(Bloomberg) -- Apple Inc. is significantly increasing its footprint in Seattle as its expands on a previously announced plan to boost hiring, bringing an additional 2,000 jobs to the area in the next five years.The iPhone maker signed a lease for office space at 333 Dexter, a 660,000-square-foot (61,300-square-meter) development in the South Lake Union neighborhood being built by Kilroy Realty Corp., according to the office of Mayor Jenny Durkan.“These new jobs confirm what we already knew: We have the best talent and city anywhere,” Durkan said in an emailed statement. “Apple’s expanded footprint in Seattle is another example of the growing opportunity that exists for residents of Seattle and the economic powerhouse our city has become.”For years, cranes have dotted the Seattle skyline as builders rushed to accommodate a swelling population and rapidly growing tech firms, led by Amazon.com Inc. That company now employs more than 45,000 at its headquarters in town and occupies about a fifth of the city’s prime office real estate. Other firms have been muscling in to recruit from Seattle’s deep well of engineers. Both Google and Facebook Inc. are leasing offices near 333 Dexter.Apple has a relatively modest presence in the city of about 500 employees. In December, the company said that it planned to add 1,000 jobs in the area over three years as part of a national expansion that also includes spending $1 billion on a new campus in Austin, Texas.To contact the reporter on this story: Noah Buhayar in Seattle at firstname.lastname@example.orgTo contact the editors responsible for this story: Rob Urban at email@example.com, Dan Reichl, David ScheerFor more articles like this, please visit us at bloomberg.com©2019 Bloomberg L.P.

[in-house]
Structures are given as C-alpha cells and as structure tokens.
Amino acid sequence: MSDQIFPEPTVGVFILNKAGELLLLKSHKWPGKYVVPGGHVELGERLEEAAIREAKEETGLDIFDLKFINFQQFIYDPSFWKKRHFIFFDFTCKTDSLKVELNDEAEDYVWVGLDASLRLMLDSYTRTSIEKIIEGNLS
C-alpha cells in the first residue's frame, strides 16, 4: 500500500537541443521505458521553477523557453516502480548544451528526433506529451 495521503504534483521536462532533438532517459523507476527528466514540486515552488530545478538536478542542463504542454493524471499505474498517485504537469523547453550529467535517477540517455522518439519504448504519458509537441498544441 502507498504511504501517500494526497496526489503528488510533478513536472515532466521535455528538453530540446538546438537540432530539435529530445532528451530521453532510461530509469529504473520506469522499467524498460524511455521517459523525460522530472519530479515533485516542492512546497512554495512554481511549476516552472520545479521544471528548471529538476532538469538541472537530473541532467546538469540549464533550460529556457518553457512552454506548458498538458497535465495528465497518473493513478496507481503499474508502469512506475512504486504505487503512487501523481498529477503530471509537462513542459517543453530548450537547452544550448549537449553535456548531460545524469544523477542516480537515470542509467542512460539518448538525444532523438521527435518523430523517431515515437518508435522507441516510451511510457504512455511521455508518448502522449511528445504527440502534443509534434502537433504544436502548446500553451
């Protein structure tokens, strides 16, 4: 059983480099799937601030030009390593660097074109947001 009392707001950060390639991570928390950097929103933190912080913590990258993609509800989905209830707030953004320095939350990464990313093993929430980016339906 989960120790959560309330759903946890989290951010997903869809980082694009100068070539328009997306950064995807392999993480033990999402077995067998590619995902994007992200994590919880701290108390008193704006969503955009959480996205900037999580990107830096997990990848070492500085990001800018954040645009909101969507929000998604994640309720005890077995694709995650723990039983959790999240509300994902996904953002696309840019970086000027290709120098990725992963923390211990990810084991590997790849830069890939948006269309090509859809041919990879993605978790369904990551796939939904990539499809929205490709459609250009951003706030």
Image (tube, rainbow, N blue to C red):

Apple just released the first public beta of iPadOS, its new operating system for the iPad, which anyone can download and test out before a wider release this fall. If you’ve taken the plunge and installed the new software on your compatible iPad, you’ll be greeted with a whole host of new features to play with. One new feature that’s hidden away within a series of menus is perhaps the most surprising of all: the iPad now supports a mouse.
Microsoft’s total market cap of $974.2 billion makes it the new king of the Russell 1000, leapfrogging Apple, Alphabet and Amazon.com. Apple had held the top slot since 2012.
Today's major tech stories include public beta releases of iOS 13, iPadOS and Mac OS Catalina, a brand new Raspberry Pi and the growing feud between Apple and Spotify over payments and fees.